Speeding complaints lead to multiple charges in ‘areas of concern’ within Kingston

Over the past few weeks, those in the Collins Bay, Bayridge, and Westbrook neighbourhoods in Kingston’s west end, as well as anyone who follows Kingston Police on social media, may have noticed an uptick in the number of traffic stops in these areas.

In the last week alone, Kingston Police have publicly shared the results of 10 such traffic stops, carried out by the Kingston Police Traffic Safety Unit, all of which occurred along two high-traffic corridors: Creekford Road and Woodbine Road.

On Monday, Apr. 4, 2022, a driver was stopped on Woodbine Road at Collins Bay Road for speeding well over double the posted limit. Police recorded the vehicle’s speed as 98 km/h in a 40 km/h zone, and the driver received a summons to appear in court on stunt driving charges as a result.

A Kingston Police Traffic Safety Unit officer initiates a traffic stop on Woodbine Road at approximately 11:57 a.m. on Monday, Apr. 4, 2022. Video by Cris Vilela.

Kingston Police posted about the stunt driving charge laid in relation to the Monday, Apr. 4, 2022 traffic stop the following day.

The charges from those 10 shared traffic stops, which all fall under Ontario’s Highway Traffic Act, range from 24 to 54 km/h over the posted speed limits. Kingston Police have confirmed that these traffic stops took place in “high community complaint areas”, which officers with the Traffic Safety Unit make a point to patrol, according to Const. Ash Gutheinz, Media Relations Officer for Kingston Police.

And just over a week ago, on Monday, Mar. 28, 2022, one Kingston Police officer laid two stunt driving charges. One offence took place on Bath Road at Coverdale Drive (also in Kingston’s west end), where the driver was clocked at travelling 114 km/h. The posted speed limit in the area is 60 km/h. As a result of going 54 km/h over the speed limit, “[a] summons was issued for stunt driving and speeding and the driver has had his driver’s licence suspended for 14 days and vehicle impounded for 30 days,” Kingston Police said on social media.

Earlier that day, the same officer clocked a pickup truck driver travelling at 93 km/h on Woodbine Road just west of Collins Bay Road. The posted speed limit in the area is 40 km/h. As a result of going 53 km/h over the speed limit, the truck was impounded for 14 days, and the driver’s licence was suspended for 30 days. This is also a high community complaint area, police said, noting on social media that there have been “complaints from residents that commuters are using Westbrook/Woodbine as a bypass around Princess St.”

But the charges Kingston Police documented on social media are only some of those laid by just one officer from the Traffic Safety Unit. In fact, beyond those 10 charges, the same officer has laid over 20 additional traffic violation charges in the past two weeks. Perhaps most shockingly, all of these violations took place along the same stretch of road: Woodbine Road just west of Collins Bay Road.

While there is “no specific initiative occurring targeting solely speeders,” the Woodbine and Creekford Roads have seen increased patrolling for a reason: They are areas “of concern and complaints of excessive speeding,” Const. Gutheinz explained.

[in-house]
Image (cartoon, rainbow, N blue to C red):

A Kingston Police Traffic Safety Unit officer employs the use of a radar gun to detect the speed of suspect vehicles. Photo via Kingston Police on Twitter.

“Our Traffic Safety Unit officers are out daily issuing tickets, summons, and warnings for a variety of Highway Traffic Act related offences in an ongoing, concerted effort to keep the community safe. Many of Kingston’s serious collisions involve speed and distracted driving as contributing factors, so these are certainly two areas of many that officers focus on,” he said.

Concerns raised by members of the public regarding excessive speeding and/or dangerous driving provide helpful insight for planning police initiatives, Gutheinz further detailed.

“By receiving input from the community via traffic-related complaints and input from the citizens of Kingston, officers are able to proactively conduct enforcement in areas of concern as well as the rest of the City.”

The following is a list of the charges laid by one Kingston Police Traffic Safety Unit officer on Woodbine Road west of Collins Bay Road from Tuesday, Mar. 22 to Tuesday, Apr. 5, 2022, as provided by police. These are the statistics of just one officer, not the entire Unit, Gutheinz emphasized, noting that the data gives, “a rough idea of the efforts being made to ensure the safety of other motorists on the roadways, as well as pedestrians.”

  • Driving while under suspension: 2
  • Speeding: 16
  • Fail to have insurance card: 3
  • Fail to wear Seat belt: 2
  • Fail to surrender Drivers Licence: 3
  • Fail to stop for stop sign: 1
  • Insecure load: 1
  • Driving without a licence: 1
  • Stunt driving (40 km/h over in zone less than 80 km/h): 2
  • Off road vehicle driven on road: 1

Additionally, several drivers were issued warnings. In just one day, the same officer – using radar detection while standing on the side of the road – stopped approximately 40 vehicles, the drivers of which were “warned/educated” about speeding in 40 km/h zones.

For more information on making and filing traffic complaints with Kingston Police, visit their Traffic Complaint page.

2 thoughts on “Speeding complaints lead to multiple charges in ‘areas of concern’ within Kingston

  • Hi, I watched a yellow sports motorbike pop up on his back tire while runninng the stop sign at Creekford and Westbrook late afternoon Tuesday?

    • Hi Mary-Jean,
      You can file a traffic complaint with Kingston Police, if you’d like to. The link to do so is in the article.
      -Tori Stafford

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